I’ll be back on Saturday….
Got a lift to Blackpool to pick up the taxi that will be taking us to Le Mans and back (I hope). We gave it the once over, and all seems to be well mechanically, although the list of niggles is quite long.
A 4 speed auto (yuck) box, and a naturally aspirated 2.7 Nissan Diesel engine, this is apparently the cream of the FX4 taxis. The trip across the Pennines was interesting, as it’s not the fasted vehicle I’ve ever driven. Top speed of 70mph (once, downhill), but I’m not inclined to do that as it felt very much like I was staring into the jaws of death. Average cruising speed of about 55mph.
The steering is vague to say the least, but you can put on a 1930s suit and pretend you’re in an old film as you waggle the wheel from side to side. At least you’ll crash with your sense of humour intact. Once it bites however, you turn, and boy how you turn. Believe everything you’ve read about the astonishing turning circle of these things, and if you’ve read much about chronic understeer and heart-in-mouth moments when exiting roundabouts, believe that as well.
The brakes are excellent though, as the RX8 that I nearly destroyed will testify. My bad, as I was trying to follow the advice when driving automatics, and left foot brake. That’s fine until 10 years of instinct kicks in when going slowly up a hill and reaching to change down.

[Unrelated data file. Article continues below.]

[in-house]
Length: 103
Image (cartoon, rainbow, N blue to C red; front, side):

I think I’ll stick to traditional methods in future.
TB: “Hello, I’d like a quotation please, but before I go any further, it’s for a Black Cab.”
Insurance Conmpany: “Sorry, we don’t do taxi insurance.”
TB: “It’s for Social Domestic & Pleasure use only.”
Insurance Company: “Oh…no sorry, still can’t help/What car? It’s not on our system/Yes, that’ll be £800 third party only limited to 3000 miles.”
[Repeat ad nauseum for approximately 3 hours]
It was suggested by a colleague at work that I try Footman James. What can I say, apart from singing their praises to the sky! After warning me that they probably wouldn’t be competitive, they proceeded to offer me a Fully Comprehensive policy, including European breakdown (very imporatant), with unlimited mileage for less than half of the price of anyone else. I’d recommend them if you have something classic/slightly unusual to insure.